Fordham University 

Magda Teter

Magda Teter grew up in Cold-War Poland. Having received an M.A. from the School of Oriental Studies at the University of Warsaw, Poland, she moved to New York and earned her M.A., M.Phil., and Ph.D. from Columbia University. She taught Jewish History at Wesleyan University, and is currently the Shvidler Chair in Jewish Studies at Fordham University. She specializes in early modern religious and cultural history, with emphasis on Jewish-Christian relations in eastern Europe, the politics of religion, and transmission of culture among Jews and Christians across Europe in the early modern period.  Her research takes her to different archives in Europe, among them the Secret Vatican Archives and the Vatican Library. She is the author of Jews and Heretics in Catholic Poland (Cambridge University Press, 2006), Sinners on Trial (Harvard University Press, 2011), and a co-editor of and contributor to Social and Cultural Boundaries in Pre-modern Poland (Littman, 2010). She is completing a book on the legal and cultural history of blood libels against Jews in premodern Europe. In addition to her books, she has published numerous articles in English, Polish, and Hebrew. She serves on the editorial boards of Polin, the Sixteenth Century Journal, the AJS Review, and is co-founder and editor of the Early Modern Workshop, which is an open source site with historical texts and videos of scholars discussing them. Follow this link to view selections of Magda Teter’s publications.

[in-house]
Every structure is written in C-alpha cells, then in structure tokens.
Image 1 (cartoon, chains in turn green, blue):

Teter’s work has been supported by the John Simon Guggenheim Memorial Foundation (2012), the Harry Frank Guggenheim Foundation (in 2007 and 2012), the Memorial Foundation for Jewish Culture, YIVO Institute, and the Yad Ha-Nadiv Foundation (Israel), among others. In 2002, she was a Harry Starr Fellow in Jewish Studies at Harvard University, and in 2007–2008, an Emeline Bigelow Conland Fellow at the Radcliffe Institute for Advanced Studies also at Harvard University. In 2017–2018 Teter held the Mellon Foundation Fellowship at the Cullman Center for Scholars and Writers at the New York Public Library.

Lectures:

  • Technology, Media, and Antisemitism
  • Jews in European Christian Imagination
  • Jewish-Catholic Relations: Continuity and Change in the Vatican II Declaration “Nostra Aetate”
  • Jews in Eastern Europe: Looking beyond the Shtetl
  • Jewish-Catholic Dialogue in Post-War Poland
  • Jewish-Christian Relations in History, Memory, and Art
  • Jews and Christians in Pre-Modern Poland: A Shared History
  • Jews in the Secret Vatican Archives: A History of Jewish Diplomacy
  • The Pleasures and Dangers of Daily Jewish-Christian Encounters
  • Jews and the Catholic Church
  • Understanding Modernity through Premodern Jewish History
  • Jewish Integration and Identity before Modernity